What does goal-setting really mean? For so many of us, we’re often inundated with information telling us the ‘best’ and the ‘greatest’ way to do something. While that information can be helpful… sometimes it’s a bit distracting. You don’t need to stress yourself out trying to achieve everything on your list (and the person next to you’s). Stop seeing your to-dos as goals and focus on what has a lasting impact. Move towards meaningful goals in order to align more with your purpose.
1. Simplify your task list.
Take a deep breath and evaluate what you need to accomplish. What does your to-do list consist of? Are you adding unnecessary items to feel ‘busier,’ all the while unconsciously stressing yourself out? Are you considering daily ideas/goals that are unneeded when it comes to larger, long-term tasks? Are the items you ‘must do’ even mandatory, or are you just pressured to feel that way?
Take a moment and go through your task list. Eliminate anything that isn’t essential, isn’t moving you forward, or isn’t on track with the other items. If needed, create multiple lists for different activities/projects/jobs etc., or based upon time, for example, a list for your weekly vs. monthly goals.
When you can simplify your list, it helps to keep you productive, yet considerably less stressed.
2. Prioritize your task list.
Go through each item and rank it by importance. Then recreate a new list that’s prioritized, in an order that makes sense, and is organized to help you work at a more efficient, effective pace.
3. Create sub-goals.
The biggest downfall we make in goal-setting is trying to either master too much in too short of a time, or looking at the huge picture instead of the smaller, more manageable steps to get there. When you think about your meaningful goals, don’t stress yourself out by focusing on the final product; instead, consider the path you must take to make that dream a reality.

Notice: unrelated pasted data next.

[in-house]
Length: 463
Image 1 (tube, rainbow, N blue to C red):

What comes first? Create smaller sub-goals for each overarching goal. Consider where you want to be but remember that place is eventual, not right away.
In creating sub-goals you are breaking down and continuing the momentum instead of feeling defeated or stagnant. With each item, you are getting closer, but in a way that is manageable and measurable, rather than overwhelming.
4. Create a rewards system.
We are human, and sometimes we need incentives to keep going. If applicable, create a rewards system based on your meaningful goals. Give yourself a celebration or little ‘gift’ (extrinsic or intrinsic) for when you reach a certain point. (Remember: The focus here is to take pride, not necessarily to ‘gift yourself.’)
5. Celebrate milestones.
Be proud of your accomplishments. Don’t get so wrapped up in the goal making that you forget to celebrate the goal achieving. Take moment each day to cross items off your list, to get excited about what you’ve done, to realize how much closer you are (instead of what you have left). Shift your perspective to one of gratitude and excitement, rather than frustration, guilt, or anxiousness—this will dramatically change your progress!
Featured Image Credit: Gabi Nehring